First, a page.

Jeb’s unspoken assumption is that people in the United States who can’t lawfully feed their children can rely on welfare, rather than shoplifting and car theft. Mexico, by his telling, is such a dysfunctional hellhole that even hard-working people can’t find honest work and will go hungry as a result. Prospective illegal aliens find themselves in a “Les Misérables” situation, stealing bread — i.e., jobs in the United States — to feed starving children.


‘In America,” Oscar Wilde quipped, “the young are always ready to give to those who are older than themselves the full benefits of their inexperience.” And they often do it in the pages of Rolling Stone.

Last week, the magazine posted a mini-manifesto titled “Five Economic Reforms Millennials Should Be Fighting For.” After confirming that it wasn’t a parody, conservative critics launched a brutal assault on its author, Jesse A. Myerson.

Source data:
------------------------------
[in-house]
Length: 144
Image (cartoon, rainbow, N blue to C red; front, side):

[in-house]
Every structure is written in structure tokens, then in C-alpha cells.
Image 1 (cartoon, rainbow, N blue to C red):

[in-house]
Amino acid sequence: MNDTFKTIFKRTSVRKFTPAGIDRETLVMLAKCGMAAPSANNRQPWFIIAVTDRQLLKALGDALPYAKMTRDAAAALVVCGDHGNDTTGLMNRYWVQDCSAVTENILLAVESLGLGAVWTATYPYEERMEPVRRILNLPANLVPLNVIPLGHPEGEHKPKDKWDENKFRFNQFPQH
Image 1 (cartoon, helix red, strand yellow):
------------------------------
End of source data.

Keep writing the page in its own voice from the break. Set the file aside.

Myerson’s essay captures nearly everything the unconverted despise about left-wing youth culture, starting with the assumption that being authentically young requires being theatrically left-wing.

Writing with unearned familiarity and embarrassingly glib confidence in the rightness of his positions, Myerson prattles on about how “unemployment blows” and therefore we need “guaranteed work for everybody.” He proceeds to report that jobs “blow” too, so we need guaranteed universal income. He has the same disdain for landlords, who “don’t really do anything to earn their money.” Which is why, Myerson writes, we need communal ownership of land, or something.